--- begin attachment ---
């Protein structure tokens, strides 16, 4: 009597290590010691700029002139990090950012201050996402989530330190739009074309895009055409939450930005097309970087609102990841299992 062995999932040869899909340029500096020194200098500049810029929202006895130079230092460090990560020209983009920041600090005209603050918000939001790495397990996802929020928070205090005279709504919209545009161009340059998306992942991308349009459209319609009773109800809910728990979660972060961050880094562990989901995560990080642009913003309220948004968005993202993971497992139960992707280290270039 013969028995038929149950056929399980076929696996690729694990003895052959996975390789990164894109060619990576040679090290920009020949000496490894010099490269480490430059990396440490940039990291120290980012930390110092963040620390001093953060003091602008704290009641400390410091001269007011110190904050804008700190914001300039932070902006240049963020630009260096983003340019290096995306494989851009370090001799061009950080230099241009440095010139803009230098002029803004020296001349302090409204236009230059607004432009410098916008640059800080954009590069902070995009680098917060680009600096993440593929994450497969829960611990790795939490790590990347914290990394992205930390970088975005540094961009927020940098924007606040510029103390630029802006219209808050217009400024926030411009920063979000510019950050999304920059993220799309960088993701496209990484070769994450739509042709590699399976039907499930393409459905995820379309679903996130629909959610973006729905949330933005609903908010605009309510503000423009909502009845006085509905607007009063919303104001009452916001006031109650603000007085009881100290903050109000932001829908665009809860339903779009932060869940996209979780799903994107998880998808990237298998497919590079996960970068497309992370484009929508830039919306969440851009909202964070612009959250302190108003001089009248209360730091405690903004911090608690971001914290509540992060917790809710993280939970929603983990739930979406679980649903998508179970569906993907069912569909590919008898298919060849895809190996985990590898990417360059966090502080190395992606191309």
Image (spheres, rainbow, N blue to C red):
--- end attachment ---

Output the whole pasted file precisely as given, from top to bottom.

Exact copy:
């Protein structure tokens, strides 16, 4: 009597290590010691700029002139990090950012201050996402989530330190739009074309895009055409939450930005097309970087609102990841299992 062995999932040869899909340029500096020194200098500049810029929202006895130079230092460090990560020209983009920041600090005209603050918000939001790495397990996802929020928070205090005279709504919209545009161009340059998306992942991308349009459209319609009773109800809910728990979660972060961050880094562990989901995560990080642009913003309220948004968005993202993971497992139960992707280290270039 013969028995038929149950056929399980076929696996690729694990003895052959996975390789990164894109060619990576040679090290920009020949000496490894010099490269480490430059990396440490940039990291120290980012930390110092963040620390001093953060003091602008704290009641400390410091001269007011110190904050804008700190914001300039932070902006240049963020630009260096983003340019290096995306494989851009370090001799061009950080230099241009440095010139803009230098002029803004020296001349302090409204236009230059607004432009410098916008640059800080954009590069902070995009680098917060680009600096993440593929994450497969829960611990790795939490790590990347914290990394992205930390970088975005540094961009927020940098924007606040510029103390630029802006219209808050217009400024926030411009920063979000510019950050999304920059993220799309960088993701496209990484070769994450739509042709590699399976039907499930393409459905995820379309679903996130629909959610973006729905949330933005609903908010605009309510503000423009909502009845006085509905607007009063919303104001009452916001006031109650603000007085009881100290903050109000932001829908665009809860339903779009932060869940996209979780799903994107998880998808990237298998497919590079996960970068497309992370484009929508830039919306969440851009909202964070612009959250302190108003001089009248209360730091405690903004911090608690971001914290509540992060917790809710993280939970929603983990739930979406679980649903998508179970569906993907069912569909590919008898298919060849895809190996985990590898990417360059966090502080190395992606191309």
Image (spheres, rainbow, N blue to C red):